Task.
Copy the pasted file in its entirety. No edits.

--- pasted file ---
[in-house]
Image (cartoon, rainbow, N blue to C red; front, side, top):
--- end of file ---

[in-house]
Image (cartoon, rainbow, N blue to C red; front, side, top):